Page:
Importantly, this ocular “”outlier”" (Nar/Dion (Left Eye)) retains 100% nucleotide similarity see more with the remaining isolates within the Narangba population, all of which were isolated from urogenital sites of infection. Coupled with the fact that isolate ‘Ned’ from the East Coomera population harbours
genetically distinct ocular and urogenital isolates of C. pecorum, this suggests that high rates of Selleck AZD3965 transmission within these confined koala populations may contribute to the transfer of C. pecorum from one body site to another and that the site of detection may not be the original niche of the strain . It appears that the tarP gene has potential as a phenotypic-dependent marker, however, importantly, further investigation is required that
utilises the full-length tarP gene (in conjunction with wider geographic sampling) to properly determine its true potential. From a full genome GSK2126458 in vivo evolutionary standpoint, the separation of the Brendale/Narangba populations from the Pine Creek/East Coomera populations is a distinction that is clearly mirrored in the overall phylogenetic analysis using concatenated data. This suggests that tarP, although having a relatively low rate of substitution, is capable of more accurately and specifically differentiating koala strains according to geography than ompA and ORF663, albeit with reduced resolution. For these reasons,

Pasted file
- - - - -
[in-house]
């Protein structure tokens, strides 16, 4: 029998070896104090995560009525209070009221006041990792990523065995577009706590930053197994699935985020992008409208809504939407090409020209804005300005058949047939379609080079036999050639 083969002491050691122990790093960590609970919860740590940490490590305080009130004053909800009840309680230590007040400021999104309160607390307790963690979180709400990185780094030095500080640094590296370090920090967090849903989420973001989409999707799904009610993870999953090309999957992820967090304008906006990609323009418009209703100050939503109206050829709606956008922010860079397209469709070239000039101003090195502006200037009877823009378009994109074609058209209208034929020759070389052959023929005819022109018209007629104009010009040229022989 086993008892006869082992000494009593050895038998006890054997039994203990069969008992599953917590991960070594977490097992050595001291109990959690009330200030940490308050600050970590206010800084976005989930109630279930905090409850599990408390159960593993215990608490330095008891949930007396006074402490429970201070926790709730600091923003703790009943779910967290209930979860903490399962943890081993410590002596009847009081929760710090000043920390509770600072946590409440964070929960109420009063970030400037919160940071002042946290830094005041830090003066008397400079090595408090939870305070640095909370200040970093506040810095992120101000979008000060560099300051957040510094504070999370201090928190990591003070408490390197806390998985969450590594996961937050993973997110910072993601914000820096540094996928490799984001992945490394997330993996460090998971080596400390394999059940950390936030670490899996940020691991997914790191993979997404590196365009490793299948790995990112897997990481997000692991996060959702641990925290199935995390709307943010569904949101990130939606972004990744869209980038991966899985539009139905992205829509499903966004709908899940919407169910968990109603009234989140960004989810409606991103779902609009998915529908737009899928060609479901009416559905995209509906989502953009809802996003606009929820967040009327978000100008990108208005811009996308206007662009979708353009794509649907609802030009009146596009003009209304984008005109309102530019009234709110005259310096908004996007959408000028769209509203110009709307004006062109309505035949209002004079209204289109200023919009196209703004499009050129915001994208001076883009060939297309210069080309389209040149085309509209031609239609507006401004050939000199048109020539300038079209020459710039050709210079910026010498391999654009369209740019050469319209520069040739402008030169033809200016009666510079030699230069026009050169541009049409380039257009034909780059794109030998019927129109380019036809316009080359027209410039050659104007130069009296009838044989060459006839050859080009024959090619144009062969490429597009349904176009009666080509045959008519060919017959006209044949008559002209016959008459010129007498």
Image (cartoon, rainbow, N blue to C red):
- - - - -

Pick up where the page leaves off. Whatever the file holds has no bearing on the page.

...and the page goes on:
tarP also appears promising as an evolutionary indicator and may be classified as a “”neutral marker”", characterised by its selective constraints yet ability to reflect sequence diversity between koala populations that are geographically separate . However, as a “”neutral marker”", the tarP gene remains less useful when estimating a population’s adaptive potential Phosphoprotein phosphatase or local population divergence. ORF663 encodes a hypothetical protein and includes a 15 nucleotide variant coding tandem repeat (CTR) region that putatively associates it with a virulence-related role. Interestingly, this gene has not been identified in any other chlamydial species and BLAST search reveals no similarities to any other sequences in the database. The C. pecorum ORF663 gene was the most polymorphic gene among all investigated and represents a locus under considerable positive selection. Using this gene, we were able to observe the most distinctions between strains by identifying seven separate genotypes. These genotypes highlight the considerable discriminatory capacity of ORF663 which correlates with (while extending) the divisions made by ompA and tarP, by isolating the Narangba and Brendale populations into their own genotypes while separating the more heterogeneous Pine Creek and East Coomera populations into multiple genotypes.